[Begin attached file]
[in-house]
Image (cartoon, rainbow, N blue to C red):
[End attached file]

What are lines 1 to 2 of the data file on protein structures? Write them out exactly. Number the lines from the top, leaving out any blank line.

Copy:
[in-house]
Image (cartoon, rainbow, N blue to C red):